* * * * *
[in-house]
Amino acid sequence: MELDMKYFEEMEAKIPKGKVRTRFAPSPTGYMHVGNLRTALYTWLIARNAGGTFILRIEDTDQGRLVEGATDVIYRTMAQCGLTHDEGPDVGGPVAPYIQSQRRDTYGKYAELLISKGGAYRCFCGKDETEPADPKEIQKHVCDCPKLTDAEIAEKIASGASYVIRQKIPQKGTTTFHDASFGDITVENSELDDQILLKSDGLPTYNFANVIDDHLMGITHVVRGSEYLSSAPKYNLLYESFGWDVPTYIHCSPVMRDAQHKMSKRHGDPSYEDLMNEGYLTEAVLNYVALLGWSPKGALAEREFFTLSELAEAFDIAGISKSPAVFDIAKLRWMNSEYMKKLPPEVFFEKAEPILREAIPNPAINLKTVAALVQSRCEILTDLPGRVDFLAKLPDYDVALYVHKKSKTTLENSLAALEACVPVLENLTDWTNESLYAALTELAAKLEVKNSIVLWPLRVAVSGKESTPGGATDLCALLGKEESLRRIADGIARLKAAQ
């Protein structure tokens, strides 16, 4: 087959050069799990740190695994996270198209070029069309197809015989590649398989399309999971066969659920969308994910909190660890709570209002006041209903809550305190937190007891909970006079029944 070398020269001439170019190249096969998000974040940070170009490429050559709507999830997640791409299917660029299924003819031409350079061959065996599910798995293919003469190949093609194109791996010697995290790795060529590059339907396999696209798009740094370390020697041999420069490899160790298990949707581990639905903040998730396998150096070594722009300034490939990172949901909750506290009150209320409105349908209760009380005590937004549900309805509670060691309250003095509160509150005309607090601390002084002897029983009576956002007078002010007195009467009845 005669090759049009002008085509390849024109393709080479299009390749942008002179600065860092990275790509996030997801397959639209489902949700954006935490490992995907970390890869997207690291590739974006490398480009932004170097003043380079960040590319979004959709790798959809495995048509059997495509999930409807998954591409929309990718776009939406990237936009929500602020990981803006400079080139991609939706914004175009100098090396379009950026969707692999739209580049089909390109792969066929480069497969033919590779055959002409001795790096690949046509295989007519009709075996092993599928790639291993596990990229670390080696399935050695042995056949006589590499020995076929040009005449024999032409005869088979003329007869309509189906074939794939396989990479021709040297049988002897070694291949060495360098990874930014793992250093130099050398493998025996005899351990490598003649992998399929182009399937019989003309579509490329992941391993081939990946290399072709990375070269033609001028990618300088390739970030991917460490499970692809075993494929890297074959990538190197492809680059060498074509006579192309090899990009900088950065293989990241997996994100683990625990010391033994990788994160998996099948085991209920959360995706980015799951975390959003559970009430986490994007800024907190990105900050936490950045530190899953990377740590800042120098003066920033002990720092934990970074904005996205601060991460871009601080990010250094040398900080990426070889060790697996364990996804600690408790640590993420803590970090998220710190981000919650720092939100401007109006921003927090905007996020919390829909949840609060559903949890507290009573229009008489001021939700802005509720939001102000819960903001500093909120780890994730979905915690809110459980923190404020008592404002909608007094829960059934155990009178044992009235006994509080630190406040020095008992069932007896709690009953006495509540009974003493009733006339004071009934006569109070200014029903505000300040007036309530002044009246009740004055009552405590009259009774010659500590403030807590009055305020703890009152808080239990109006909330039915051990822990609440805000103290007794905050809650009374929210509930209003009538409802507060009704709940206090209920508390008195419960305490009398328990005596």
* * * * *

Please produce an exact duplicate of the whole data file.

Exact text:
[in-house]
Amino acid sequence: MELDMKYFEEMEAKIPKGKVRTRFAPSPTGYMHVGNLRTALYTWLIARNAGGTFILRIEDTDQGRLVEGATDVIYRTMAQCGLTHDEGPDVGGPVAPYIQSQRRDTYGKYAELLISKGGAYRCFCGKDETEPADPKEIQKHVCDCPKLTDAEIAEKIASGASYVIRQKIPQKGTTTFHDASFGDITVENSELDDQILLKSDGLPTYNFANVIDDHLMGITHVVRGSEYLSSAPKYNLLYESFGWDVPTYIHCSPVMRDAQHKMSKRHGDPSYEDLMNEGYLTEAVLNYVALLGWSPKGALAEREFFTLSELAEAFDIAGISKSPAVFDIAKLRWMNSEYMKKLPPEVFFEKAEPILREAIPNPAINLKTVAALVQSRCEILTDLPGRVDFLAKLPDYDVALYVHKKSKTTLENSLAALEACVPVLENLTDWTNESLYAALTELAAKLEVKNSIVLWPLRVAVSGKESTPGGATDLCALLGKEESLRRIADGIARLKAAQ
């Protein structure tokens, strides 16, 4: 087959050069799990740190695994996270198209070029069309197809015989590649398989399309999971066969659920969308994910909190660890709570209002006041209903809550305190937190007891909970006079029944 070398020269001439170019190249096969998000974040940070170009490429050559709507999830997640791409299917660029299924003819031409350079061959065996599910798995293919003469190949093609194109791996010697995290790795060529590059339907396999696209798009740094370390020697041999420069490899160790298990949707581990639905903040998730396998150096070594722009300034490939990172949901909750506290009150209320409105349908209760009380005590937004549900309805509670060691309250003095509160509150005309607090601390002084002897029983009576956002007078002010007195009467009845 005669090759049009002008085509390849024109393709080479299009390749942008002179600065860092990275790509996030997801397959639209489902949700954006935490490992995907970390890869997207690291590739974006490398480009932004170097003043380079960040590319979004959709790798959809495995048509059997495509999930409807998954591409929309990718776009939406990237936009929500602020990981803006400079080139991609939706914004175009100098090396379009950026969707692999739209580049089909390109792969066929480069497969033919590779055959002409001795790096690949046509295989007519009709075996092993599928790639291993596990990229670390080696399935050695042995056949006589590499020995076929040009005449024999032409005869088979003329007869309509189906074939794939396989990479021709040297049988002897070694291949060495360098990874930014793992250093130099050398493998025996005899351990490598003649992998399929182009399937019989003309579509490329992941391993081939990946290399072709990375070269033609001028990618300088390739970030991917460490499970692809075993494929890297074959990538190197492809680059060498074509006579192309090899990009900088950065293989990241997996994100683990625990010391033994990788994160998996099948085991209920959360995706980015799951975390959003559970009430986490994007800024907190990105900050936490950045530190899953990377740590800042120098003066920033002990720092934990970074904005996205601060991460871009601080990010250094040398900080990426070889060790697996364990996804600690408790640590993420803590970090998220710190981000919650720092939100401007109006921003927090905007996020919390829909949840609060559903949890507290009573229009008489001021939700802005509720939001102000819960903001500093909120780890994730979905915690809110459980923190404020008592404002909608007094829960059934155990009178044992009235006994509080630190406040020095008992069932007896709690009953006495509540009974003493009733006339004071009934006569109070200014029903505000300040007036309530002044009246009740004055009552405590009259009774010659500590403030807590009055305020703890009152808080239990109006909330039915051990822990609440805000103290007794905050809650009374929210509930209003009538409802507060009704709940206090209920508390008195419960305490009398328990005596």